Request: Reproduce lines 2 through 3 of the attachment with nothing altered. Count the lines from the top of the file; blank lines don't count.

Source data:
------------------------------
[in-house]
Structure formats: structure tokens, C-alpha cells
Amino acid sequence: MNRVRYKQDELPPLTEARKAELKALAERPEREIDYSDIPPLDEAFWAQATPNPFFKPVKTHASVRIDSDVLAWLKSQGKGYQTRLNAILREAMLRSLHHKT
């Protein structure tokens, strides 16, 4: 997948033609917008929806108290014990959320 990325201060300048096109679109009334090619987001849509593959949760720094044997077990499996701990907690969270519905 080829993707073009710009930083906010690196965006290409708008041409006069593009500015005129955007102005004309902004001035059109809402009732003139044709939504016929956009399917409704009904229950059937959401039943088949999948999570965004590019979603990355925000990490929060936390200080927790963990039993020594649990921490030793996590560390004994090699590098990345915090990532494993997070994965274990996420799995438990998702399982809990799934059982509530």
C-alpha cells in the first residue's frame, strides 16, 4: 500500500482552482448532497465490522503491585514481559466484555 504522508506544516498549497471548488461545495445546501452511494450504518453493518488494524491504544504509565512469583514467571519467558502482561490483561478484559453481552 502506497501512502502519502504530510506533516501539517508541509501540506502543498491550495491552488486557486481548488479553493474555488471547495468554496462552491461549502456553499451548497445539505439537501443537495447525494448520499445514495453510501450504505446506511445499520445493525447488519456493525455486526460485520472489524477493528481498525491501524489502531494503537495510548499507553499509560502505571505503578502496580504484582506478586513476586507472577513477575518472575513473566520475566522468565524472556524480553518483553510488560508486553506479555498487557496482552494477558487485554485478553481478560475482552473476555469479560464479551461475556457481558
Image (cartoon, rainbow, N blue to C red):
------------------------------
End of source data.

Structure formats: structure tokens, C-alpha cells
Amino acid sequence: MNRVRYKQDELPPLTEARKAELKALAERPEREIDYSDIPPLDEAFWAQATPNPFFKPVKTHASVRIDSDVLAWLKSQGKGYQTRLNAILREAMLRSLHHKT